Steve in Fitchburg, WI

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TA-838/TT Field Phone

Here's a photo of the vintage military field phone I used to call into the net this morning. It is the TA-838/TT -- the last of the analog field phones. Note the straps for hanging the phone from a fence post or tree trunk.


Southcom SC-130 military transceiver 

Here's a photo of the Southcom SC-130 military transceiver that I used on the Vintage SSB net this morning. 


The Chinese receiver is alive and kicking. I put a three-wire cord on the power supply and gradually increased the applied voltage with a variac over a couple hours. Then I connected it to the receiver and 220 VAC. No problems - it came right up. Receiver seems quite stable drift-wise, but mechanical shocks will shift the BFO frequency significantly.

It was in pretty good alignment, but I was able to improve it - the manual and chassis band markings helped identify the proper adjustment points. I do not know any Chinese characters but I can compare the ideographs in the manual with the labels on the front panel and at least find the same symbol. What it means is another story. And there are a few, very few, recognizable English designations present, like "47k" or "C141" so that helps. It is like deciphering a mysterious code.

The purpose of some of the front panel controls are not clear to me yet. By cross-referencing values, construction, and the schematic clues I determined the three front panel gain controls: RF gain, IF gain, AF gain. I haven't yet got the AGC working as I would expect - either I don't know how to switch it on, or it isn't working right. And I have no idea yet about 3/4 of those many metering switch positions.

I traced the 1/4" audio output on the back and it comes from a 600 ohm transformer winding, so I'm using one of my medium impedance US military speakers, a brand new LS-166/U. I think the headphone jacks are 600 ohm too. There may be a low Z output on the remote control jack, not sure yet.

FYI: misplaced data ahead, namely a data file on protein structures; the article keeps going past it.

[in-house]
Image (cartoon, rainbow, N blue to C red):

Three level storage rack about three units wide containing Globe chief, Hammarlund receiver, old Yaesu transceiver, HW101, another transceiver, Hallicrafters Sky Buddy, and four or five more transceivers and I can't see what's on the lower level
Radio Storage
Tempo 2020 transceiver built by Uniden for Henry radio all solid state except for driver and finals
Tempo 2020
The Henry Radio Tempo 2020 was the successor to the very successful Tempo One transceiver. Although the Tempo One was built for Henry by Yaesu, the 2020 was built by Uniden. It is all solid-state except for the driver and final amplifier tubes. The receiver has plenty of great sounding audio and is one of the few transceivers with a variable RF attenuator control. Another unique feature of this rig is the 100Khz band segment selector arrangement. Each band is divided into 100Khz segments which are PLL controlled. The desired segment is selected by a front panel pushbutton.
Kenwood  TS-130
Kenwood TS-130
Kenwood TS-180S
Kenwood TS-180S
Kenwood TS-520S transceiver
Kenwood TS-530S